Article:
Nearly half of the homes in Pennsylvania have unsafe radon levels and that number has been on the rise since 2004 when the oil and gas industry began fracking in the state.
A study by Johns Hopkins Bloomberg School of Public Health researchers found that 42 percent of readings surpass what the U.S. government considers safe. They said the rising rates of the odorless gas tied to lung cancer could have been due to fracking, a process of injecting a slurry of water, sand and chemicals into wells in an area known as Marcellus shale to remove oil and gas.
"One plausible explanation for elevated radon levels in people's homes is the development of thousands of unconventional natural gas wells in Pennsylvania over the past 10 years," said study leader Brian S. Schwartz, a professor in the Department of Environmental Health Sciences at John Hopkins. "These findings worry us."
The study, conducted with Pennsylvania's Geisinger Health System, a health care network, analyzed more than 860,000 indoor radon measurements included in a Pennsylvania Department of Environment Protection database from 1989 to 2013. Many of the measurements came from assessments of homes that were either being bought or sold.
Along with the geography, water sources, and weather, the researchers looked at fracking levels.
Pennsylvania has been a hotspot for fracking since the boom started more than a decade ago, with 7,469 unconventional natural gas wells drilled in the state since 2005.
In the process of pumping billions of gallons of chemically laced water deep underground to extract the gas, heavy metals as well as organic and radioactive materials such as radium-226 are brought to the surface. It decays into radon and most radon exposure has been linked to the diffusion of gas from soil.
Along with the unsafe levels across the state, the study found that houses and buildings located in rural and suburban townships, where most of the gas wells are, had a 39 percent higher concentration of radon than those in cities.
"By drilling 7,000 holes in the ground, the fracking industry may have changed the geology and created new pathways for radon to rise to the surface," Joan A. Casey, a Robert Wood Johnson Foundation Health & Society Scholar at the University of California-Berkeley and an author on the study, said. "Now there are a lot of potential ways that fracking may be distributing and spreading radon."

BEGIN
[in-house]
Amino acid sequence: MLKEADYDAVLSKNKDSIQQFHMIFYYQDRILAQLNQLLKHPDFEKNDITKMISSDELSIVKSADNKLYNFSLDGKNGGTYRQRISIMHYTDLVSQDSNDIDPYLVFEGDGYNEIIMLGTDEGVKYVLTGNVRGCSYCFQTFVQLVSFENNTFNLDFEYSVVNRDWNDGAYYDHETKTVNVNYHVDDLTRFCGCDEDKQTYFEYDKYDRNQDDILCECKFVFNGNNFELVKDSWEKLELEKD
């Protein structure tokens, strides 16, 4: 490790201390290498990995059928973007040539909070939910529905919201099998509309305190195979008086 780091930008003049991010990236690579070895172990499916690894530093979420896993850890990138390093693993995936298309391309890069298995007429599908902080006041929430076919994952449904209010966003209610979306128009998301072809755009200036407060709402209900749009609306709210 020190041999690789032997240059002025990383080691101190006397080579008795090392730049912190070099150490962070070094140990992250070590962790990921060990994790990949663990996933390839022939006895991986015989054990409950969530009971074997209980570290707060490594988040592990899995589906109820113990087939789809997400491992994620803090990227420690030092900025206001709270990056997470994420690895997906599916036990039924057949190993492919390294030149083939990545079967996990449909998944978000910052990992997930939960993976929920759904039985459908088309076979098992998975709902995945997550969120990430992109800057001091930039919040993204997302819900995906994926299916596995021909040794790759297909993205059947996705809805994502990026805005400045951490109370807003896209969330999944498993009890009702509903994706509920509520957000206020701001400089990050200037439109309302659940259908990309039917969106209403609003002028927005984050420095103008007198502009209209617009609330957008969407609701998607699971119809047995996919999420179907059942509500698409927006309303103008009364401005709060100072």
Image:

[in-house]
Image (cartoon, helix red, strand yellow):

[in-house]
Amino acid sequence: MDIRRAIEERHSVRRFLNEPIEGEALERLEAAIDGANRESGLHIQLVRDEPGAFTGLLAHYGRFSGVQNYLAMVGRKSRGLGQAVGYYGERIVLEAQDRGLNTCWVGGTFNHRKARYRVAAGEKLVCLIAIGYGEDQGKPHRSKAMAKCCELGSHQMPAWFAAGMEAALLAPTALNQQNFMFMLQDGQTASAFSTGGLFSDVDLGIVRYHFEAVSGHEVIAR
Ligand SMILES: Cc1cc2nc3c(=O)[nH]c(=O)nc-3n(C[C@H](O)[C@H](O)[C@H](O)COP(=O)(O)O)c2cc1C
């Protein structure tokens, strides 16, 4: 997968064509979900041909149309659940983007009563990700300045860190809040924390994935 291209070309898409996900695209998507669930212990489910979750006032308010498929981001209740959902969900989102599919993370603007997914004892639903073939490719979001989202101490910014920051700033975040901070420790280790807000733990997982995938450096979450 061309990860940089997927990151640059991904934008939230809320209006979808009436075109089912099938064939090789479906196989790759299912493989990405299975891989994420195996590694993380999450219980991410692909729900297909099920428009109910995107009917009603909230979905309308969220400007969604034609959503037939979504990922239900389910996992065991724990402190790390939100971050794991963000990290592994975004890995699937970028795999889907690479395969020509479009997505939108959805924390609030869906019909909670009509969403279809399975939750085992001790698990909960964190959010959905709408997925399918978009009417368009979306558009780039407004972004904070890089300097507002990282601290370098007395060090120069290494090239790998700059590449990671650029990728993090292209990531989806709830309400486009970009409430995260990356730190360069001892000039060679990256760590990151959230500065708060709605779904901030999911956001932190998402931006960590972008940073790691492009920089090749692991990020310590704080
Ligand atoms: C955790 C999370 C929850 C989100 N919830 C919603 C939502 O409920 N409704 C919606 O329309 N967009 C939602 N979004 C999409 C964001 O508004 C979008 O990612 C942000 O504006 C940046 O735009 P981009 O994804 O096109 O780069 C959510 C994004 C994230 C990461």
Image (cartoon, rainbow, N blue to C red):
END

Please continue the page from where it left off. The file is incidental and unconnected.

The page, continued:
The findings offer another troubling sign that fracking is leaving behind a myriad of environmental problems. Critics have blamed the industry for producing 800 billion gallons of wastewater each year, causing water and air pollution in communities near fracking sites and sparking earthquakes in Oklahoma and Ohio.
They also have attacked states and the federal government for failing to do enough to regulate the industry, prompting the Obama Administration earlier this month to issue the first-ever regulations for fracking on federal lands - which among other things requires companies to disclose the chemicals they are using.
Still, the latest findings on radon are likely to be disputed. The authors even acknowledged that the state of Pennsylvania recently took a comprehensive set of measurements near 34 gas wells, including air samples for radon near four wells, which did not show high levels of the radioactive gas.
Susan Rickens, a spokeswoman for the Pennsylvania Department of Environmental Protection, confirmed the state's study didn't find elevated levels near drill sites, though it didn't take samples of indoor air quality as the John Hopkins study did.
More broadly, Rickens said the state sees radon as a "public health concern," adding that that all 67 counties have shown "high levels" of the gas.
"While our study didn't signal a problem, we will take a look at the John Hopkins study in-depth," she told CBS News. "It may signal areas where we need to do more study."
The oil and gas industry, which has sued to stop the new federal fracking regulations, also criticized the radon study.
In a blog post, Nicole Jacobs of oil and gas advocacy group Energy in Depth said the researchers' "own data debunk their conclusions: their highest radon readings were in counties in Reading Prong, which have absolutely no wells - not even conventional."
Reading Prong, the authors note, has historically high bedrock uranium concentrations, which could explain its high radon levels.
"They gloss over the fact that Pennsylvania has long had naturally occurring concentrations of radon, and simply blame fracking," she wrote. "Further, study after study, including a major study from the Pennsylvania DEP, has found no credible link between oil and gas development and radon exposure. Considering all these facts, it looks like the researchers were more interested in gleaning anti-fracking headlines than producing credible science."
Schwartz countered that the industry was "cherry picking" results in attempt to discredit the study and he and the other researchers had been "fair in the balance of our claims."